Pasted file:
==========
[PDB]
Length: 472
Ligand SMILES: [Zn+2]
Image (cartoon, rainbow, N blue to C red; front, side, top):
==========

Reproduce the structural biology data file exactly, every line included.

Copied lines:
[PDB]
Length: 472
Ligand SMILES: [Zn+2]
Image (cartoon, rainbow, N blue to C red; front, side, top):